Genentech, a member of the Roche Group (SIX: RO, ROG; OTCQX: RHHBY), today announced that the U.S. Food and Drug Administration (FDA) has accepted the company’s supplemental Biologics License Application (sBLA) and granted Priority Review for Tecentriq® (atezolizumab), in combination with carboplatin and etoposide (chemotherapy), for the initial (first-line) treatment of people with extensive-stage small cell lung cancer (ES-SCLC). The FDA is expected to make a decision on approval by March 18, 2019. A Priority Review designation is granted to medicines that the FDA has determined to have the potential to provide significant improvements in the treatment, prevention or diagnosis of a serious disease.
“It’s been more than 20 years since there has been a new initial treatment option for extensive-stage small cell lung cancer that delivers a clinically meaningful survival benefit,” said Sandra Horning, M.D., chief medical officer and head of Global Product Development. “We are working closely with the FDA to bring this Tecentriq-based regimen to people with this difficult-to-treat type of lung cancer as soon as possible.”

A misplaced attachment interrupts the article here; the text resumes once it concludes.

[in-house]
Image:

This sBLA is based on results from the Phase III IMpower133 study, which met its co-primary endpoints of overall survival (OS) and progression-free survival (PFS) in the initial treatment of people with ES-SCLC. The safety profile of the combination was consistent with the safety profiles of the individual medicines, and no new safety signals were identified.
Tecentriq is currently approved by the FDA to treat people with metastatic non-small cell lung cancer (NSCLC) who have disease progression during or following platinum-containing chemotherapy, and have progressed on an appropriate FDA-approved targeted therapy if their tumor has ALK or EGFR gene abnormalities.